In addition, we know that PPI use increases the risk of recurrent CDI.  A retrospective, cohort study by Linsky et al. analyzed 1166 inpatients at a single center over a five year period and determined that use of PPI within 14 days of CDI diagnosis increased the rate of recurrent CDI after appropriate treatment by 42% compared with those patients not receiving PPI therapy.[4]

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    Topics: acid suppressive therapy, cephalosporins, clindamycin, fluoroquinolones, H2-blockers, hospital-acquired pneumonia, Authors, peptic ulcer disease, Acid suppression, and intravenous vancomycin, antibiotics, Beta-lactamase inhibitor combination antibiotics, carbapenems, CDI, chronic gastroesophageal reflux disease, Clostridium difficile infection, community-acquired pneumonia, Hospital Medicine Blog, PPI, proton pump inhibitors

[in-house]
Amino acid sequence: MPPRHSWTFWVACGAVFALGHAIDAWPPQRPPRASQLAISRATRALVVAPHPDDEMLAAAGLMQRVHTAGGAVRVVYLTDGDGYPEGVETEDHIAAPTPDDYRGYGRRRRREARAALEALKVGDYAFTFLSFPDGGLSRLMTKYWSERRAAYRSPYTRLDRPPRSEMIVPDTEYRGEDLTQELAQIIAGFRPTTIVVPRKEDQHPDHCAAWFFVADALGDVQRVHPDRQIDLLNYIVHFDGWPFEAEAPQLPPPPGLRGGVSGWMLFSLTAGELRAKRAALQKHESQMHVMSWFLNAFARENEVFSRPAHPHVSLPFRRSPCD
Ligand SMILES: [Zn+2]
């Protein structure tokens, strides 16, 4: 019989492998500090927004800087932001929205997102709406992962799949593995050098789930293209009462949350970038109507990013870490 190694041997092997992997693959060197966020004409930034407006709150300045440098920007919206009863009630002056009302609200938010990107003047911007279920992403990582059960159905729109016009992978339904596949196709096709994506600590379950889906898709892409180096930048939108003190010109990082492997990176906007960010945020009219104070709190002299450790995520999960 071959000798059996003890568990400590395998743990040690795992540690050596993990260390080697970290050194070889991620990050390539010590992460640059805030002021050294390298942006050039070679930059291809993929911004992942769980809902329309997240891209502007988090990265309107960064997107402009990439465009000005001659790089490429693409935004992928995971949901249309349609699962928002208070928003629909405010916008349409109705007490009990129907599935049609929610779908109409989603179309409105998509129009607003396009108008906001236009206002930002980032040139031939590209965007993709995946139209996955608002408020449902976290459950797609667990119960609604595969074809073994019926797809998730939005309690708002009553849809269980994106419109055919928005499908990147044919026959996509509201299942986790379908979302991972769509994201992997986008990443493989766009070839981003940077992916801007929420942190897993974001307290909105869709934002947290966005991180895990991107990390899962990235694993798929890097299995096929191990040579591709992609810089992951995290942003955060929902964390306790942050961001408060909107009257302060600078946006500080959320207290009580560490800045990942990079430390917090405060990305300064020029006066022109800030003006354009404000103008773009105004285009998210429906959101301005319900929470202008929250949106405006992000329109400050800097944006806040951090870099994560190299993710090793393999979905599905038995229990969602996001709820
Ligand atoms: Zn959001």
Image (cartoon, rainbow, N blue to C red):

Botswana and Human Resources for Health - Part 2

    Posted by admin on May 14, 2012 10:49:57 AM

    This is the follow-up blog post from Tarascon Publishing Author, Matthew Dasco, MD, MSc.  Click here to read Part 1 of the Botswana and Human Resources for Health post.

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    Topics: Global health, Africa, Fogarty International Center, health workers, Authors, Matthew Dasco MD, Medical Education Partnership Initiative, MEPI, Ministry of Health, National Institute of Health (NIH), University of Botswana School of Medicine, US Health Resources and Services Organization, Botswana, Global Health Blog

    Botswana and Human Resources for Health – an Ongoing Dilemma

    Posted by Amit Chandra on May 7, 2012 3:42:04 PM

    This is the first in a two-part blog series from Tarascon Publishing Author, Matthew Dasco, MD, MSc.

    Part 1:

    The world’s burden of disease and human resources for health are not well aligned.  While sub-Saharan Africa has 24% of the world’s disease burden, it only has 3% of the world’s healthcare workers.  On the other end, the Americas region has 10% of the world’s disease burden but 37% of its health workers.